When a musician records a “Shaking Through” episode, they have to be prepared to move into the studio – literally.
The video series, led by Brian McTear of the nonprofit Weathervane Music in Fishtown, requires artists to commit 48 hours to recording a song in its wood-draped, naturally lit and inviting studio.
Artists move in to the apartment attached to the studio while they record. The result is a professionally produced song, a video of the recording process with artist commentary and a video documenting the technical side of the production.
The project’s new website launches Tuesday, and its new fifth season will premiere April 19 for members and April 23 for non-members.
McTear, executive director of Weathervane Music and the creator and co-producer of “Shaking Through,” said the project stemmed from his goals 19 years ago when he founded Miner Street Recordings. He is currently the co-owner.
“It was always my inclination to try to be as helpful and to create as much opportunity for the artists I was working with as I possibly could,” McTear said.
However, McTear said the early stages of the idea for “Shaking Through” didn’t initially involve filming.
“When I first had the idea, I didn’t consider video as part of it at all,” McTear said.
When he began Weathervane Music in 2002, McTear said he and his business partner Peter English could see the makeup of the music industry shifting. As people began buying music less and less, a new approach was necessary to keep Weathervane Music sustainable. When the duo decided sponsorship was their most viable option, they deemed video the best way to draw sponsors in.
And it did – Bruce Warren, assistant general manager for programming at WXPN, took notice of the pilot episodes, and the station sponsored “Shaking Through” for two and a half years before the project decided to go off on its own.
Currently, there are more than 40 “Shaking Through” videos online.
McTear said one of the most important parts of the “Shaking Through” operation is its membership. Officially launched on Jan. 1 of last year, the membership gives users early access to episodes and downloads of unmixed tracks, giving them the opportunity to create their own mixes of songs featured on the series.
“[Offering membership] was giving individuals out in the world a way to hook in to the activity,” said McTear, who spoke about the topic at TEDxPhilly this year. “The viewer becomes the creator, because they get to remake the song. Those remixes are sometimes way more creative that the original mixes we make.”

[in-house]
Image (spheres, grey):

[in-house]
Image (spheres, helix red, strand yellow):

The membership community seems to agree with McTear. According to the project’s annual report, the Gearslutz.com threads where users post remixes were viewed 233,000 times in 2013. There were also over 2,300 forum replies and more than 600 remixes submitted. Users can access files from old episodes and download them as many times as they want.
“It’s not just a nice idea,” McTear said. “It’s a community of people that f—— go bananas over this s—.”
McTear said the upcoming season of “Shaking Through” focuses on female artists.
Sharon van Etton, who was featured on the first official episode of “Shaking Through,” curated and coproduced the first episode featuring the band Torres, which is supported by members of The War on Drugs and Ted Leo and the Pharmacists.
Other artists to be featured are The Tom-Toms, Cassandra Jenkins and Cayetana.
An episode will debut every two weeks.
McTear said one of the biggest challenges of running “Shaking Through” is getting others to recognize the difference between his project and other live music series like La Blogotheque and Daytrotter.
“That is literally a two or three-hour effort on the part of the band,” McTear said. “They show up, do all of this stuff and then they leave. This is two full days. They can’t just do it earlier in the day when they are playing at the Electric Factory later that night.”
Jenelle Janci can be reached at email@example.com or on Twitter @jenelley.